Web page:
Holding Businesses Accountable: Attorneys Vs Regulations
Regulation Isn’t Working – That’s Why We Need Lawsuits
One thing many Republicans and Democrats seem to agree – at least those who own businesses – is that American businesses are overly burdened by excessive regulation. They believe that too many government mandates don’t demonstrate a measured increase in safety, accountability, or whatever other lofty goal they were intended to meet.
Candidate Trump campaigned on his disdain for regulations. President Trump backed up his campaign promises on January 30, 2017, when he issued an executive order mandating that for every new regulation issued by an executive department or agency, at least two prior regulations be identified for elimination. Many criticized the order as broad and indiscriminate. Even if there are too many regulations, pundits argued, it didn’t follow that such a large percentage of our existing regulations are wholly unnecessary.
Those who are concerned about worker and consumer safety, the environment, and public health, believe fewer regulations will result in businesses choosing profits over safety. They fear the burdens of deregulation will be placed on the backs of average citizens, the majority of whom are not business owners. But to the individuals and businesses for whom those regulations increase costs and decrease profits, little value comes from them and if it does, it is at too great a cost. With fewer regulations and presumably weaker enforcement of those remaining, who is going to keep us safe?
The trial lawyers, that’s who.
Regulations didn’t stop the Ford Motor Company from putting exploding Pintos on American roads in the 1970s; trial lawyers did. Ford knew it had a problem with its fuel system in the Pinto. It knew that implementing a new, safer, design would cost $11.00 per car and result in 180 fewer deaths. Ford conducted a cost v. benefit analysis and found that the company’s estimated cost for the deaths its vehicles caused was $49.5 million, but the cost of making the car safer would exceed $137 million. Based on the numbers, it was in Ford’s shareholders’ financial interest to keep those dangerous vehicles on the road. (Believe it or not, that sort of cost v. benefit analysis was not only legal, but favored for many years.)
Until personal injury lawyers started filing lawsuits, that is.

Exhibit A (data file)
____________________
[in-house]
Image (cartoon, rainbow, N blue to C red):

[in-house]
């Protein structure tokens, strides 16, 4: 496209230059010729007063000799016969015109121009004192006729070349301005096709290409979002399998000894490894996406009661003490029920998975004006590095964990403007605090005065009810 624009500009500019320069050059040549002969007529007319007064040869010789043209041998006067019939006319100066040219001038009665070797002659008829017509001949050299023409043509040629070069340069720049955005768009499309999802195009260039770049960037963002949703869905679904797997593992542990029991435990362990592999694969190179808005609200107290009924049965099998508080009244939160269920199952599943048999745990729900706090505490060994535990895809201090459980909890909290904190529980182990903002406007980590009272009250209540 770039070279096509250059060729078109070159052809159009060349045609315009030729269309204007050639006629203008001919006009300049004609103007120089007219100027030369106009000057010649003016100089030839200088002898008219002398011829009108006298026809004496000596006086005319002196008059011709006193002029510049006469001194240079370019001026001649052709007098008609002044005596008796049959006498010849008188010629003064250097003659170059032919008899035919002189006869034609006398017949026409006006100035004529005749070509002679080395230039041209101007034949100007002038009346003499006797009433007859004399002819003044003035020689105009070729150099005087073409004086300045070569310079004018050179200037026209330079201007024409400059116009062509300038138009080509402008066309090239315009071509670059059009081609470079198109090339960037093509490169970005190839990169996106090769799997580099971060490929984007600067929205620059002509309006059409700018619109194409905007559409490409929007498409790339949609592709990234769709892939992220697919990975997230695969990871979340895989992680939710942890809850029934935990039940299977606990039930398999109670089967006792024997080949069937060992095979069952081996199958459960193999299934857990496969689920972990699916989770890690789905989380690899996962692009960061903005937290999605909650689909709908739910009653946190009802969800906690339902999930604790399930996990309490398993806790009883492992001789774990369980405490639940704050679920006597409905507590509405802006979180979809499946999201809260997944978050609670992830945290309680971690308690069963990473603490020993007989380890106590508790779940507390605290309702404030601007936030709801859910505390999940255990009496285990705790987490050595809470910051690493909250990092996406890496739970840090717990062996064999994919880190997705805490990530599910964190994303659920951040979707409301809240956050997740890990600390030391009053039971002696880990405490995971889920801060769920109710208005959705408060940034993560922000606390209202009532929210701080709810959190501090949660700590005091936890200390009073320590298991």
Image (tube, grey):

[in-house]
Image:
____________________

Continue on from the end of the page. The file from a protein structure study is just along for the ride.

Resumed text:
Trial (or “tort”) lawyers represent injured persons against the individuals and businesses who have hurt them through carelessness and, sometimes, intentional acts. (Like choosing profit over safety.) Personal injury attorneys hold the responsible parties accountable for the harm they cause; in our civil justice system, the only way to do that is with money.
No attorney can go into a court room and ask a judge or jury to restore his client’s health, mental well-being, or to simply make his heart stop hurting. Instead, the only thing our civil justice system allows is for monetary compensation to repair what’s been broken and when that’s not possible, demand the full value of what’s been taken.
The Ford cases brought to light the idea that human life cannot be quantified like a widget or a unit. It could not be adjusted away like an accountant’s journal entry. These lawsuits made it clear to businesses that human lives matter.
The Ford Pinto cases and others like them resulted a change in the behavior of manufacturers- and in additional regulations. Now, one might think that regulations will work to prevent a repeat of that behavior because regulations are government enforced, and non-compliance can shut down a business, right? (We know lawsuits work because everyone pays attention when you get into their pocketbooks.)
Wrong. That is because rather than keep us safe, regulations have become the business of bureaucracy. Many people make their livings developing, implementing, enforcing, and even challenging regulations. Safety should not be political, but sometimes the political climate says enforce them; sometimes it says look the other way.
Lawsuits, on the other hand, have little to do with the political climate. Personal injury lawyers fight for lives every day, regardless of which political party is in power. And, because big money pays out on lawsuits, businesses pay attention to them.
Huge corporations, giant insurance companies, the Chamber of Commerce – all of these powerful interests and their legions of highly-paid attorneys and lobbyists work hard to limit the ability of injured people to be made whole by the people and companies that harm them. These businesses and special interests want unfettered freedom to look towards profit, not safety. Every year there are more attempts to justify the tired old cry for “tort reform,” which is just a fancy way of saying “putting up as many roadblocks as possible to keep the people who ruined your life from being responsible for it.”
Regulations sound good in theory, but in practice, they’re a perennial mess. Trial lawyers, not regulations, are the only ones holding corporate giants accountable for the harm they cause. We – personal injury attorneys- are the Davids taking on the Goliaths of the world. We can only do that because of you – the American juror. You are the ones who, with your verdicts, ensure that products are made safer and that human lives aren’t treated like numbers on a spreadsheet.
Call us today if you’ve been injured. Fasig & Brooks (850) 222-3232